EDITOR: What loss prevention structure do you believe works best to achieve integration?

MYERS: I think the right structure was pretty much what I had at Ward’s. The structure basically was vertically centralized down to the store level and then the store loss prevention managers were tied into both the district loss prevention manager and the store manager. They both wrote performance appraisals, for example. At that level, we wanted the store manager to have ownership, but we didn’t want him to own the person totally. So, functionally, loss prevention controlled what the LP managers did, but the store managers had to buy into the whole thing and it made LP more of a store team member. The only trick is, if you get to a point where the store is causing a problem, the store manager is not supporting you, then the LP manager in the store has an obligation to come up the line to LP management. There’s where you get a wrinkle from time to time.

But I have also worked in staff situations where we made that work as well. It was very decentralized. It just takes more work and a lot more dancing. You don’t have quite as much clout up front, so it takes a lot more politicking.

EDITOR: What has stimulated the change from security to a more integrated LP function?

MYERS: I think it came down to people. A new generation came out of school with degrees and with ambitions. And we weren’t satisfied just being the company cops. We were out there trying to do as much as we could to really make a difference. We wanted to be part of the management team.

There are plenty of individuals like me who came around in the late sixties and early seventies who really began to change things. If you look at my resume at Venture…and I’m just an example…I started out with security and bad checks. Then I picked up safety. Then they gave me the fitting rooms. Then, since I ran a good independent operation…the only centralized support operation in the company…they decided to give me cleaning services as well. Finally, I got shortage control, audit, and supply purchasing. It was just because I was hungry.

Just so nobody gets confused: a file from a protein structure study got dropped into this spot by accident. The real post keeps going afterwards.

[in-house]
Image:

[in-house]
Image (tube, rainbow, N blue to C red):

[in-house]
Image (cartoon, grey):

I was just like a lot of guys who proved they could sit down in the boardroom and talk with the chairman and management staff and make sense. Not just talk about busting someone who gave a million-dollar statement. Used to be, if you solved a million-dollar case, it was great. Today, a million-dollar case is seen as a failure because you let it get too far. That, to me, is one of the major signs of the change.

EDITOR: It sounds like you’re describing individuals with strong business sense.

MYERES: That’s right. The bright, aggressive LP folks are good managers. They are basically operating people with a loss prevention twist. If you look, there are some LP graduates who have made it big. Tom Coughlin, for example, comes out of loss prevention and he’s CEO of Wal-Mart.

EDITOR: What would you say to somebody in your organization who is looking to move up in the organization?Are there things that you look for when you’re looking to promote someone? Performance-related characteristics, degrees, certifications, or certain types of experiences?

MYERS : If you don’t have an education, I would recommend it. I’m personally not hung up on degrees. I’ve had many individuals who worked for me and had no formal education beyond high school, who have done great things and been very successful. But a college degree is very important when you’re out trying to find another position at another company, because it is very important to many people. Also, a degree helps most people learn to communicate and write better. And I’m definitely looking for a person who can communicate, can be fairly open and confident.